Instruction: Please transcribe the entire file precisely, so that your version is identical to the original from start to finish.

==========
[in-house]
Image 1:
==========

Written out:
[in-house]
Image 1: